Were costs of COVID-19 worth playing the 2020 college football season?

(Photo by Jared C. Tilton/Getty Images)
(Photo by Jared C. Tilton/Getty Images) /

In 2020, we watched college football played in the midst of a pandemic. Were the benefits of this season worth exposing athletes to increased COVID-19 risk?

When COVID-19 started to spread through American communities in March 2020 and other college sports called off their spring seasons, questions abounded about how the pandemic would impact football in the fall. Even at that early juncture, it was readily apparent that the 2020 season would look like nothing college football fans had ever experienced in their lifetimes — if the season was even played in the first place.

The closest comparable for fans was the 1918 season, when Spanish flu forced some teams to call off their seasons while others played full schedules. In retrospect, the comparison seems even more apt as leagues took differential responses to negotiating the pandemic. Where 2020 looks nothing like 1918, however, is that every conference at the FBS level ultimately decided to come back and play some semblance of fall football. Only three teams — Connecticut, New Mexico State, and Old Dominion — stuck by their decision to sideline their football teams in the interest of player health.

More. How college football navigated the 1918 pandemic. light

In the end, 127 teams played 565 total games between early September and the College Football Playoff national championship on January 11. Those 565 games denote only 78 percent of the 724 total games that were on the revised 2020 schedule.

In the end, one out of every seven games scheduled in 2020 was canceled outright. Another 57 games postponed due to one team or another dealing with COVID-19 outbreaks on their rosters. In terms of scheduled games, two out of every nine were either not played at all or were moved later in the schedule as a result of athletes testing positive for the virus or left in limbo due to contact tracing.

Plenty of people have justified the decision to play football in 2020. Some have contended that football must be played on economic grounds. Others have trotted out the misguided notion that athletes are safer under the wing of the athletic department than sheltering in place like the rest of their cohorts engaging in remote learning.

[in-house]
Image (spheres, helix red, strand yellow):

At the same time, football has real value in our communities as a unifying force. So many of the trappings of the game that reinforce bonds within that imagined community — eating and drinking outside concrete monoliths before game time, roaring alongside tens of thousands of fellow true believers in the stadium, and engaging in postgame reverie in celebration or consolation depending on the result — were excised from the sport this year, yet the sport continued on.

With the final game of the 2020 slog finally in the books, it is time to step back as fans and grapple with some fundamental questions about the freshly concluded season.

Were the benefits of playing the 2020 season worth the costs incurred by soldiering on in the midst of a pandemic?

At each of the 127 FBS schools that opted to return at one point or another to play fall football, 85 scholarship players and dozens more walk-ons all returned to campuses hoping that protocols put in place would protect them from contracting an illness with potential long-term consequences.

For at least 111 of those 127 schools, confirmed COVID-19 cases forced pauses in team activities.

As mentioned above, 22 percent of college football games were not played as scheduled this year. More than 14 percent of games were canceled outright, including one conference championship game and 38 percent of all bowl games.

Despite all of the precautions and protocols put into place, hundreds contracted COVID-19 as a result of football’s return. The cold reality is that conferences knew this would be the case and went ahead with the decision to return anyway. In early August, the SEC flat-out told athlete representatives from league schools as much in a conference call that was reported on by the Washington Post:

"“There are going to be outbreaks. We’re going to have positive cases on every single team in the SEC. That’s a given. And we can’t prevent it.”"

Indeed, athletes at all 14 SEC schools contracted COVID-19 at some point this season. At LSU, Ed Orgeron announced in September that “most of our players have caught” the coronavirus. The coach of the defending national champion seemed to almost beam with pride at the announcement, thinking that it would give his team an edge in terms of in-season issues. Instead, cases proliferated once again in Baton Rouge and a majority of the team was once again impacted in November, forcing the delay of the Tigers’ rivalry game against Alabama.

In the ACC, 12 of the 15 conference members (including Notre Dame this year) reported COVID-19 cases over the course of the season. That included both College Football Playoff participants from the league. At Clemson, Trevor Lawrence tested positive and was unavailable for the first matchup against the Fighting Irish. The Tigers also saw defensive end Xavier Thomas fall ill over the summer to the extent where he struggled to breathe regularly for months and sat out the entire 2020 season.